Deliver Incident Information Faster with the Zendesk Alerts Packaged Workflow
With increased dependencies on digital services, it can feel like there’s always another incident or support issue taking you away from what you actually want to do – which is of course to build cool new features that delight your customers! We’re always working to make it easier to resolve issues quickly so you can get back to the fun stuff, and our packaged workflows are a great way to get started. In this article, I’ll be focusing on the Zendesk Alerts packaged workflow.
Workflow templates, including packaged workflows, are available for download, along with detailed configuration and setup instructions.
With xMatters and Zendesk Alerts workflow, you can get the right person’s eyes on the issue faster, delivering key incident information to them rather than them having to find it. But getting the job done often needs more than one set of eyes and multiple tools.
To give you an idea how packaged workflows can make your life easier, I’m going to take you through our xMatters Zendesk Alerts Packaged Workflow. Don’t worry, you don’t need to be a Zendesk user to get the gist of what packaged workflows can do for your sanity. As you’ll see, the beauty of packaged workflows is that they give you a template you can review and build on so you’re not starting at zero. You get useful baseline functionality that’s flexible and extensible.
With packaged workflows and Flow Designer, you can automate the incident response process, which reduces your time to resolution and gets you back to your real job. Flow Designer includes a canvas, where you drag and arrange the elements of your workflows, and a pallet of tools including integrations, event triggers, and responses.
Zendesk Alerts packaged workflow: Setting the stage
Out of the box, the Zendesk Alerts packaged workflow provides three flow canvases that manage three key interactions between Zendesk and xMatters – Notify Group, Notify Assignee, and Terminate Events. You can use these flows to create and terminate events and send notifications related to Zendesk tickets. When you set up the workflow, you can configure the trigger rules in Zendesk to send ticket details to xMatters and find the correct assignee to resolve the issue faster using our on-call and shift scheduling.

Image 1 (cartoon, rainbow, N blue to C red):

When an xMatters user receives the notification, they can take action right away – taking ownership or resolving the ticket in Zendesk with a single click…or tap on the device of their choice. xMatters also keeps the ticket updated along the way, letting other Zendesk agents know when the event in xMatters was created, updated, or escalated. The screenshots below from the iOS app (also available for Android) show you some of the detail and response options:
That’s out of the box, which is all good. But the great thing about Flow Designer is that you can tailor the flows to suit your needs, like expanding the Zendesk Alerts workflow to do the things you do manually today. One common change is to add Slack to your flows and automatically spin up a channel where you can collaborate on tough tickets.
Collaborate to solve things faster
While many tickets can be handled by an individual, sometimes you need a little help from your friends. More and more, DevOps and service management teams realize the value of bringing team members together to collaborate early and often when resolving issues, especially using chat applications like Slack or Microsoft Teams.
One of the simplest ways to extend a packaged workflow and improve collaboration is by adding new response options and dragging in some of our built-in app steps. In this case, let’s take a deeper dive into the Notify Group canvas. The Notify Group piece of the workflow sends a notification to the xMatters group that matches the assignment group in Zendesk – it’s a great way to use your xMatters on-call scheduling to find the right person fast. The flow comes with some baked-in responses that the on-call user in the group can choose from.
Let’s add a new “Collaborate” response option to the workflow by opening the Responses trigger from the pallet and creating a new response. The screenshot below shows the new response once all the details are filled (for more info on all the response settings, check out our online help).